Documentation

Introduction

The documentation of this website is divided into two parts: hardware and software. The website serves as a showcase of my personal work and displays my activities during my free time. To easily navigate the site, you can use the navigation bar, which provides access to all the site's features. By creating a personalized account, accessible through the navigation bar, you can explore the Node.js tab. With an account, you can view the creation date, username, and associated email of your profile. The footer of the site contains links to explore my professional presence on GitHub and LinkedIn, as well as a direct contact option via email. Below is a description of each tab in the navigation bar:

  • The Projects tab is an extensive showcase of my personal and school projects, offering a glimpse into the diverse range of work I have undertaken in recent years. It features a user-friendly dropdown menu for easy navigation through the various completed projects. Clicking on a specific project directs visitors to the project's dedicated page, which includes a detailed description of the project's purpose, objectives, critiques, and notable features.
  • The Documentation tab is the current page you are on. It provides information on the hardware components used, as well as the required software and frameworks to complete the site. I also explain how I connected the domain and obtained a free SSL. The goal of this page is to provide sufficient information for someone to recreate these projects without having to spend hours searching the internet for specific application connections.
  • The Miami Server tab offers easy access to the Miami Linux server, which hosts individual HTML pages for each student. These pages serve as repositories for a wide range of website-specific projects and assignments completed during my time at Miami. The server serves as a central hub, showcasing the diverse array of skills and accomplishments acquired through various courses and projects at school. Navigating this tab provides insight into innovative and creative projects spanning various web development and design endeavors.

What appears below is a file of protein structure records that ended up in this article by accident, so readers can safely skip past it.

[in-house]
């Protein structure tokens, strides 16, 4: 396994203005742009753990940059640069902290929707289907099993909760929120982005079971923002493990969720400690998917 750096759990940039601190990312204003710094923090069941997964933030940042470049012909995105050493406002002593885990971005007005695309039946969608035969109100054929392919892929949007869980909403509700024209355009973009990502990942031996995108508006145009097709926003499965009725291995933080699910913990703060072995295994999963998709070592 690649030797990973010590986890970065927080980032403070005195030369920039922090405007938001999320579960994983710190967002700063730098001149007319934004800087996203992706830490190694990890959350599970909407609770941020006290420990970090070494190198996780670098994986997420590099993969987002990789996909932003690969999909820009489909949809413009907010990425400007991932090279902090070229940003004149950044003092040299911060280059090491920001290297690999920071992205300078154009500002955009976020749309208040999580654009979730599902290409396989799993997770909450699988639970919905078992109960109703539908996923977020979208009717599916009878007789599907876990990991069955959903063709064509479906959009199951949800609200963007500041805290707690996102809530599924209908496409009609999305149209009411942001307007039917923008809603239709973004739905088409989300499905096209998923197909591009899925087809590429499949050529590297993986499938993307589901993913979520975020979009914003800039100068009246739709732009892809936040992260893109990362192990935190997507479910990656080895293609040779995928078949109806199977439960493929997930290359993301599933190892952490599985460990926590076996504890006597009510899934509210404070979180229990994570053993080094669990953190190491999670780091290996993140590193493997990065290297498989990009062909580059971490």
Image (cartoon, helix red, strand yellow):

• The Resume tab provides a direct link to my current resume.
  • The Profile icon is used to create an account on the site. Having an account allows you to access the Node.js tab, as well as view the creation date, username, and associated email of your profile.
  • The Node.js page primarily serves to demonstrate the possibility of running a JavaScript runtime environment within the Apache server's limitations.

Hardware

The server consists of a Raspberry Pi, a cooling component, and a case. The Raspberry Pi used is a Raspberry Pi 4 Model B with 8GB of RAM and 32GB of storage. To ensure a faster and more stable connection, the computer is connected to the internet through an ethernet cable. The Raspberry Pi has a maximum operating temperature of 85ºC. To maintain proper cooling, I have installed a large heatsink with a fan on top, which provides plenty of cool air. Currently, the computer's operating temperature is 39ºC, which is cool enough for it to function properly without any concern. Below is a rendered image of the complete case, including all the necessary components.

render of case

The case design was created using Fusion 360 and then 3D printed in PLA. After appropriate sanding and painting, the components are installed and held together securely with screws and spacers. The top part of the case is made of polycarbonate plastic, which I sanded down the edges to achieve a smooth, matte surface that aligns perfectly with the case. To prevent any slipping on smooth surfaces, adhesive pads have been added underneath the case to minimize fan vibrations and ensure stability.